By Alistair Farrow
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Asylum seekers’ horror shows why we should march on Yarl’s Wood

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Issue 2494
Hundreds of angry protesters descended on Yarl’s Wood detention centre last June demanding its closure
Hundreds of angry protesters descended on Yarl’s Wood detention centre last June demanding its closure (Pic: Guy Smallman)

Some 569 asylum seekers in Britain were forced to sleep in a disused freight shed in Dover between August and October last year. This included 90 children, who also had to sleep on the concrete floor with no bedding.

The episode exposes the racism and brutality at the heart of Britain’s immigration detention system. It also gives lie to claims that asylum seekers are given special treatment and lavished with hotel rooms.

The UK Border Agency claims that detention is necessary and is only used as a last resortand for the shortest time possible.Yet detentionoften lasts months, or even a year or more. People in these refugee prisons don’t count down the days—they count up.

The state depicts asylum seekers, refugees and migrants as criminals in order to justify the brutal way it treats them. Politicians and other hypocrites in the media draw links between them and terrorism while at the same time condemning conditions in detention centres.

In March 2014 Labour’sformer shadow home secretary Yvette Cooper said,“We all agree immigration rules must be enforced and that includes deportations and, for some people, temporary detention. But it must be done humanely with high standards and safeguards in place.”

Handwringing aside, the real problem isusingprivate firms to run a detention system to imprison people for wanting a better life. Expansion of immigration “Removal Centres” has gone hand in hand with privatisation andhas been a testing ground for pushing the market into prisons in Britain.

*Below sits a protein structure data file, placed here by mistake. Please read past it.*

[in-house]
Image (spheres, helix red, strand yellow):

The state has had the legal power to detain immigrants since the Immigration Act 1971 and detention centres have been around since 1989. However, the first purpose-built centre to deport people opened in 1996. Tinsley House supposedly represented a new “caring custody” model of kicking people out of Britain and was lauded by Prince Charles and religious and political leaders.


The Wackenhut Corporation, now G4S, ran Tinsley House and developed the idea of “dynamic security”. This was allegedly to create a relationship of trust between guards and detainees.

This model has been adopted across the British prison service. G4S’s operations in the US offer a stark warning about the privatisation of the prison and detention system.

Its employees have been convicted in cases that have included rape and murder. The detention centres and prisons it runs in the US have been wracked by scandal after scandal.

Theimageof “caring custody” in Britain quickly broke down. In 2002 detainees at the newly built Yarl’s Wood detention centre, run by Serco, near Bedford burned down large parts of the centre in a protest atconditions in the centre.

Sexual and physical abuseis widely reported in detention centres. Violent arrest and deportations have led to deaths in custody.

The Global Detention Project notes that since 2005 the state has moved to “introduce a new asylum process”. It detains “more people and uses other means of contact like tagging to prevent people absconding when they are ready to be removed”.

The threat of detention is used to police people in the process of claiming asylum. But detainees and their supporters are fighting back. There have been demonstrations inside and outside detention centres.

Racism is at the core of the growing private detention industry in Britain and we must redouble our efforts to have them all shut down.

The next step is joining the demonstration this Saturday outside Yarl’s Wood detention centre.

Saturday 12 March, 1pm, Yarl’s Wood Immigration Removal Centre,Twinwoods Business Park,ThurleighRd, Milton Ernest, Bedford MK44 1FD

Surround #YarlsWood demonstration: Detention Centres SHUT THEM DOWN!
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